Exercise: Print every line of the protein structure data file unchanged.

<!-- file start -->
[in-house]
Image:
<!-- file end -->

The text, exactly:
[in-house]
Image: